UKRAINIAN NATIONAL IDENTITY

BBC: Who really owns borsch?

To the average person, Russians broadcasting about borsch may seem obvious and innocuous, but not so for Ukrainians, who consider the soup to be their national dish

Andrew Evans
Friday, 18 October 2019 00:05

Soup should never be your go-to weapon in a food fight. As projectiles go, a bowl of chunky liquid proves messy and lacks precision. Fist-size bread rolls are more effective – or, say, chocolate pudding catapulted from a spoon. In Russia though, the latest food fight is all about soup, and it’s being hurled from the walls of the Kremlin via Twitter.

The soup war boiled over into social media this year, when @Russia (the official Twitter account for the Russian Federation’s Ministry of Foreign Affairs) tweeted: “A timeless classic, #Borsch is one of Russia’s most famous & beloved #dishes & a symbol of traditional cuisine”.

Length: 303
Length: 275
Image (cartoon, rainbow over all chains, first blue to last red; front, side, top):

To the average Twitter skimmer, Russians broadcasting about borsch may seem obvious and innocuous, but for Ukrainians, who consider borsch to be their national dish, the Russian tweet is wartime propaganda, especially considering the current occupation of Crimea and the latest territorial conflict in eastern Ukraine that’s been raging since 2014. The Ukrainian Twittersphere responded with anger and humour, with comments like “As if stealing Crimea wasn’t enough, you had to go and steal borsch from Ukraine as well”.

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